- Chapel/LRC - the briefing provided at the Chapel and the Learning Resource Center was impressive. Not only are religious services conducted in these spaces, the spaces are always open and double as a quite place on an otherwise busy environment for a sailor to come and read, reflect or meditate. Contiguous with the chapel is the ship’s library, some books are purchased and others are donated by Navy support organizations. Also attached to the library is the computer cafe where personnel can get online to check email, post to social network sites and otherwise engage as they may when on shore. Given the proliferation of electronic reading devices, I commended to their attention to the Gutenberg Project where 33,000+ ebooks are available for free and electronic download – a great resource at a great price. Interestingly, at each port of call, the religious program team organizes on-shore excursions to interact and give back to the communities being visited – sometimes it is painting a local school,others it may be to visit a hospital, or teach english for a day – what a great way to learn of other cultures, while projecting what is good about the United States – its people.
- Flight operations – as can be expected the flight operations were interrupted due to the need to thoroughly review the incident which had occurred on the 30th and then ensure the flight deck was clear of debris. Once this was accomplished, the flight operations commenced about 30 minutes prior to our departure from the Stennis. There is truly nothing like standing on bow side of Vultures Row in the direct jet-wash of an F/A 18 – the heat is tremendous, the power shakes you and pushes you backwards and the roar of the engines at the moment of catapult is thunder amplified. On the other side of the tower the landings were occurring. The planes come down and catch the arresting cable laid and jolt (big time) to a stop.
Our visit ended with our boarding the C2A Greyhound for our trip back to the Naval Air Station. We boarded, strapped in and taxi’d over to the launch catapult. The crew gave us the signal and then “voooom” we were launched from zero to 170 knots within mere seconds – the ultimate thrill ride – the feeling was what I had imagined being shot out of a cannon would feel like. Definitely a high-point of the visit.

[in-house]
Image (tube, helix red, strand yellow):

In sum, the Navy requires our collective support, be we civilian or government. Without our support they are going to be resource depleted not only with respect to personnel and equipment but also with respect to the morale and welfare of the men and women who voluntarily put themselves in harms way. If you are young man or woman looking to make a difference and are interested in joining the NAVY – here’s the link – Go Navy! If you are interested in supporting the Navy from your hometown, look into the Navy League.
I offer my sincere thanks and appreciation to Captain Reis for allowing us to visit the USS John C. Stennis a most remarkable vessel. I would also like to call out the team within the Stennis’ Public Affairs Office for the many kindnesses afforded to our group of DV’s. To the men and women of the Stennis, thank you for making our visit such a success – well done! Most importantly to all who serve in our armed forces be it the Navy or any other branch, thank you for your service,
PS: I thoroughly enjoyed hearing John Fogerty’s “Centerfield” being piped throughout the Stennis as the ship separated from the Drew – rock and roll at sea – it makes perfect sense to me.